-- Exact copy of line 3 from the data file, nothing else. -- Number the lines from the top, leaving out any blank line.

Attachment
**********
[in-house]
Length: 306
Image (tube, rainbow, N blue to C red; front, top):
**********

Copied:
Image (tube, rainbow, N blue to C red; front, top):